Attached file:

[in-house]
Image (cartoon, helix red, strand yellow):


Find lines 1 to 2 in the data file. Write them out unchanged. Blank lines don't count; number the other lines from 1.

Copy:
[in-house]
Image (cartoon, helix red, strand yellow):